Ernest Hemingway called Paris “a moveable feast”. Audrey Hepburn advised us that “Paris is always a good idea”. Humphrey Bogart promised us in Casablanca that “we’ll always have Paris”. Victor Hugo claimed that “Paris nourishes the soul”. Paris, it seems, has a hold on us, even if we’ve never been.

Paris is far from perfect, struggling with many common urban problems, but it seems to rise above with its beauty, sophistication and effortless elegance. Rich in history and long known as the center for art and fashion, what exactly is it about this city that makes so many love it?

Hello and welcome to the first month of the 2023 Online Reading Challenge! This month we’re traveling to Paris. Our main title is Revolution by Jennifer Donnelly. This fascinating book combines the stories of a contemporary teenager and a young woman living during the French Revolution. From the publisher:

Andi Alpers is on the edge. She’s angry at her father for leaving, angry at her mother for not being able to cope, and heartbroken by the loss of her younger brother, Truman. Rage and grief are destroying her. And her father has determined that accompanying him to Paris for winter break is the solution for everything.

 But Paris is a city of ghosts for Andi. And when she finds a centuries-old diary, the ghosts begin to walk off the page. Alexandrine, the owner of the journal, lived during the French Revolution. She’s angry too. It’s the same fire that consumes Andi, and Andi finds comfort in it—until, on a midnight journey through the catacombs, words transcend paper and time, and the past becomes terrifyingly present.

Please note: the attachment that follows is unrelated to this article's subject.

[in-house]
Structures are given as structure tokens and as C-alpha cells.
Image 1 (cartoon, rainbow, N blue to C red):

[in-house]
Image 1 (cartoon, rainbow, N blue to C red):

Revolution artfully weaves two girls’ stories into one unforgettable account of life, loss, and enduring love. Revolution spans centuries and vividly depicts the eternal struggles of the human heart. 

You can find copies of this title plus many more set in Paris (and there are lots!) on displays at each of our locations.

The Paris Apartment by Lucy Foley

“It’s not about where you came from. What kind of shit might have happened to you in the past. It’s about who you are. What you do with the opportunities life presents to you.”
― Lucy Foley, The Paris Apartment

The Paris Apartment is a locked room mystery that centers around the people living in a Paris apartment building. Jess needs a fresh start, especially since she doesn’t have a job anymore. After calling her half-brother Ben to ask if she can come crash with him, Jess is surprised that he isn’t there to greet her when she eventually shows up to his apartment building in Paris. He didn’t sound excited that she wanted to come last minute, but he’s family. Ben always keeps his word and would never leave her stranded.